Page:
In this work, a magneto-biosensor based on iron (II, III) oxide (magnetite, Fe3O4) nanoparticles for the detection of uric acid is developed and demonstrated. These Fe3O4 nanoparticles are successfully synthesized by a co-precipitation method
comprising Fe2+ and Fe3+ with ammonium hydroxide, NH4OH, and using citric acid as a surfactant. Comparative studies of Fe3O4 nanoparticles with and without surfactant are also carried out to examine their characteristics. Both types of synthesized
iron oxide nanoparticles are characterized by X-ray diffraction, X-ray photoelectron spectroscopy, field emission-scanning electron microscopy, transmission electron microscopy, and vibrating sample magnetometry. The images obtained by field emission-scanning electron microscopy show an average
diameter of 30 nm for citric acid-Fe3O4 nanoparticles. The Fourier transform infrared spectra indicate that the carboxylate groups of citric acid are bound onto the surface of magnetite nanoparticles by chemical bonds. For sensing experiments, the synthesized nanoparticles
are used to modify the glassy carbon electrode, and the resultant citric acid-Fe3O4 modified glassy carbon electrode is used for the detection of uric acid through cyclic voltammetry. In the case of the citric acid-Fe3O4 nanoparticles-modified glassy
carbon electrode, uric acid is oxidized at a less positive potential compared to oxidation using the naked Fe3O4 nanoparticles and a bare glassy carbon electrode. The citric acid-Fe3O4 nanoparticles-modified glassy carbon electrode exhibit a good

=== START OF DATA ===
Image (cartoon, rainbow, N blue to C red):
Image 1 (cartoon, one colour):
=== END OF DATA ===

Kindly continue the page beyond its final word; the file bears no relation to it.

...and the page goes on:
linear response range for the detection of uric acid of 7.5 μM–0.18 mM, with a lower detection limit of 7.5 μM uric acid. This excellent performance of the fabricated biosensor is attributed to the larger surface area availability of citric acid-Fe3O4
nanoparticles, which promotes constant electron transfer between the modified glassy carbon electrode and the biomolecules (uric acid). The improved electrocatalytic activity of this modified electrode clearly proves that the proposed method is promising for the development of other electrochemical
No Reference information available - sign in for access.
No Citation information available - sign in for access.
No Supplementary Data.
No Article Media
Document Type: Research Article
Department of Chemistry, Konkuk University, 120 Neungdong-ro, Gwangjin-gu, Seoul 143-701, Korea
Electrodics and Electrocatalysis (EEC) Division, CSIR-Central Electrochemical Research Institute (CSIR-CECRI), Karaikudi 630003, Tamil Nadu, India
Publication date: April 1, 2020
More about this publication?
Journal for Nanoscience and Nanotechnology (JNN) is an international and multidisciplinary peer-reviewed journal with a wide-ranging coverage, consolidating research activities in all areas of nanoscience and nanotechnology into a single and unique reference source. JNN is the first cross-disciplinary journal to publish original full research articles, rapid communications of important new scientific and technological findings, timely state-of-the-art reviews with author's photo and short biography, and current research news encompassing the fundamental and applied research in all disciplines of science, engineering and medicine.
- Editorial Board
- Information for Authors
- Subscribe to this Title
- Terms & Conditions
- Ingenta Connect is not responsible for the content or availability of external websites